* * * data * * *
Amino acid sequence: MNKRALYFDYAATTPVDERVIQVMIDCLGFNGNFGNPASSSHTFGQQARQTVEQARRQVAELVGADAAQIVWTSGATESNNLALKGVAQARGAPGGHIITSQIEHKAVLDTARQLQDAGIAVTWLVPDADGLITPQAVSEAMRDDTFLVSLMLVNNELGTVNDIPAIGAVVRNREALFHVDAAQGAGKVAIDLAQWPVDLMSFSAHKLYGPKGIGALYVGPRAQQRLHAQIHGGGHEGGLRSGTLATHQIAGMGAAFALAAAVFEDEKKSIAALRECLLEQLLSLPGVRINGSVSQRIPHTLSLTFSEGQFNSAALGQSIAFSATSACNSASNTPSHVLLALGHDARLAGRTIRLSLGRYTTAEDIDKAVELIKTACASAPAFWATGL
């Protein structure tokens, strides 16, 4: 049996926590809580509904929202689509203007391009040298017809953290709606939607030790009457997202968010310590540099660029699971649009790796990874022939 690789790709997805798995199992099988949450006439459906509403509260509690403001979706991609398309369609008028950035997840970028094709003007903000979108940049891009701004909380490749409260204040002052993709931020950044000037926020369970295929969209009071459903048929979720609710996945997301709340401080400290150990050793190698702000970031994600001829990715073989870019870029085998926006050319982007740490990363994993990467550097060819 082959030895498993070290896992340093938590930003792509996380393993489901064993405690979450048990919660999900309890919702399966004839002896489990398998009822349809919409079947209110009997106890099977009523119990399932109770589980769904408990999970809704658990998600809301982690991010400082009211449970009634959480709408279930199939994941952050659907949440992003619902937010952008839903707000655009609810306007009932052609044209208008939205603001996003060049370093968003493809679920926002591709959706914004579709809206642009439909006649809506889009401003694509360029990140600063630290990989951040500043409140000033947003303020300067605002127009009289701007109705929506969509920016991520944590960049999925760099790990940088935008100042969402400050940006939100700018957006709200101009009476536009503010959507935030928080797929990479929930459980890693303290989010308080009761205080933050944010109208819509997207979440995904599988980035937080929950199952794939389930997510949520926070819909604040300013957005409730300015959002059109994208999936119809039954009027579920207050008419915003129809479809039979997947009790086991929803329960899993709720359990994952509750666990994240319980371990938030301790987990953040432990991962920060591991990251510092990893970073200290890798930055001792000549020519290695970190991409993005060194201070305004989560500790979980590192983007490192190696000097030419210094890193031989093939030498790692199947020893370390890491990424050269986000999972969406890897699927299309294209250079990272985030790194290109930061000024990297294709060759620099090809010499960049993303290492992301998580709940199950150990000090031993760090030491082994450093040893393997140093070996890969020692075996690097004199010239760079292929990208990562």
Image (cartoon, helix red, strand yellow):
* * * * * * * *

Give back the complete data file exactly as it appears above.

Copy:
Amino acid sequence: MNKRALYFDYAATTPVDERVIQVMIDCLGFNGNFGNPASSSHTFGQQARQTVEQARRQVAELVGADAAQIVWTSGATESNNLALKGVAQARGAPGGHIITSQIEHKAVLDTARQLQDAGIAVTWLVPDADGLITPQAVSEAMRDDTFLVSLMLVNNELGTVNDIPAIGAVVRNREALFHVDAAQGAGKVAIDLAQWPVDLMSFSAHKLYGPKGIGALYVGPRAQQRLHAQIHGGGHEGGLRSGTLATHQIAGMGAAFALAAAVFEDEKKSIAALRECLLEQLLSLPGVRINGSVSQRIPHTLSLTFSEGQFNSAALGQSIAFSATSACNSASNTPSHVLLALGHDARLAGRTIRLSLGRYTTAEDIDKAVELIKTACASAPAFWATGL
């Protein structure tokens, strides 16, 4: 049996926590809580509904929202689509203007391009040298017809953290709606939607030790009457997202968010310590540099660029699971649009790796990874022939 690789790709997805798995199992099988949450006439459906509403509260509690403001979706991609398309369609008028950035997840970028094709003007903000979108940049891009701004909380490749409260204040002052993709931020950044000037926020369970295929969209009071459903048929979720609710996945997301709340401080400290150990050793190698702000970031994600001829990715073989870019870029085998926006050319982007740490990363994993990467550097060819 082959030895498993070290896992340093938590930003792509996380393993489901064993405690979450048990919660999900309890919702399966004839002896489990398998009822349809919409079947209110009997106890099977009523119990399932109770589980769904408990999970809704658990998600809301982690991010400082009211449970009634959480709408279930199939994941952050659907949440992003619902937010952008839903707000655009609810306007009932052609044209208008939205603001996003060049370093968003493809679920926002591709959706914004579709809206642009439909006649809506889009401003694509360029990140600063630290990989951040500043409140000033947003303020300067605002127009009289701007109705929506969509920016991520944590960049999925760099790990940088935008100042969402400050940006939100700018957006709200101009009476536009503010959507935030928080797929990479929930459980890693303290989010308080009761205080933050944010109208819509997207979440995904599988980035937080929950199952794939389930997510949520926070819909604040300013957005409730300015959002059109994208999936119809039954009027579920207050008419915003129809479809039979997947009790086991929803329960899993709720359990994952509750666990994240319980371990938030301790987990953040432990991962920060591991990251510092990893970073200290890798930055001792000549020519290695970190991409993005060194201070305004989560500790979980590192983007490192190696000097030419210094890193031989093939030498790692199947020893370390890491990424050269986000999972969406890897699927299309294209250079990272985030790194290109930061000024990297294709060759620099090809010499960049993303290492992301998580709940199950150990000090031993760090030491082994450093040893393997140093070996890969020692075996690097004199010239760079292929990208990562």
Image (cartoon, helix red, strand yellow):